New Jersey Man Honors His Daughter’s Memory by Helping Abuse Victims and Families with Missing Loved Ones


December 7, 2020




Ed Parze created the Stephanie Parze Foundation in honor of his daughter. [Credit: Ed Parze]

(FREEHOLD, N.J.) On the morning of January 27, 2020, Ed Parze and his wife Sharlene found themselves at the podium of a press conference addressing friends, family and dozens of residents from their New Jersey community.

“This is a somber day,” he said. “Our lives will never be the same.”

The previous day, the body of their daughter Stephanie was found in Old Bridge, New Jersey, about 16 miles from her Freehold Township home. Stephanie, 25, had been missing since October 30, 2019.

The subsequent press conference was held by the Monmouth County Prosecutor’s Office, where Parze and his wife thanked those who showed them support for nearly three months.

According to the prosecutor’s office, Stephanie was killed by ex-boyfriend, John Ozbilgen, 29, who committed suicide before the police could issue a warrant for his arrest. Prior to Stephanie’s disappearance and death, he was charged with assaulting her.

Nine months later, Parze, 55, is now leading an effort against domestic violence and in support of those whose loved ones have disappeared.

Coinciding with Domestic Violence Awareness Month, this October marks the inaugural events of the Stephanie Parze Foundation, a non-profit founded this year. Parze serves as the president of the organization, which hosts fundraisers and raises awareness about the importance of outreach in order to prevent future abuse.

“The organization is because of my daughter and what happened to her,” he said. “Our goal is to educate, intervene and support victims of domestic abuse and the families of missing loved ones.”

“In their grief, [Stephanie’s] parents, family members and friends have dedicated themselves to honoring her memory and working to protect others from domestic violence and sexual abuse, and [to support those] with missing loved ones,” said Kevin Kane, the mayor of Freehold Borough. “They have established the Stephanie Nicole Parze Foundation to increase awareness and raise funds to support their cause.”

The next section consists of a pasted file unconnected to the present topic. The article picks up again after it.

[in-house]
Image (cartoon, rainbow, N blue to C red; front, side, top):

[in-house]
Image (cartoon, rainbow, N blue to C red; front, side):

Parze intended to hold events for the non-profit earlier in the year, but due to the coronavirus pandemic, he had to delay the fundraising efforts. Nevertheless, he noted that October holds special significance for the Stephanie Parze Foundation because of its status as Domestic Violence Awareness Month.

Born in Brooklyn, Parze lived in several locations throughout New York and New Jersey before moving to Freehold Township. He’s lived here for nearly four decades and operates the nonprofit and its inaugural events around the area.

The first event was a golf outing that took place on Oct. 19 and at the Gambler Ridge Golf Club in Upper Freehold Township. Parze said there were 25 volunteers for the fundraiser and 120 golfers donated to the Stephanie Parze Foundation.

The next event was the 5K Color Butterfly Run/Walk, a paint race that took place on Oct. 25. For this fundraiser, Parze said there were 110 volunteers and around 250 runners participated.

The paint race was held at Lake Topanemus Park, which is located in Freehold Township but owned by Freehold Borough. Parze credited Kane with helping organize the event and providing a location for the foundation.

Kane also participated in the event as the leader of a team of runners.

“This event was filled with camaraderie, love and support for the Parze family and provided an opportunity to help fulfill the foundation’s mission,” Kane said. “I hope people will continue supporting this worthy cause to fight domestic violence and sexual abuse, and to support families with missing loved ones.”

The Freehold Borough mayor’s sentiment was shared by the Freehold Township Committee, led by Mayor Lester Preston.

“On behalf of the Township Committee, we extend our best wishes to the Parze family and the Stephanie Nicole Parze Foundation as they hold their first two events to raise much-needed funds which will provide support to families of domestic and sexual abuse,” Preston said. “Having seen first-hand how our community rallies around those in need, I have every confidence that these events will be successful allowing the foundation to be able to do great things in Stephanie’s memory.”

The two events are planned to be the first of many as Parze continues to raise awareness of domestic violence and help those needing support.

“We will have funds raised for next year for my daughter’s foundation,” Parze said.

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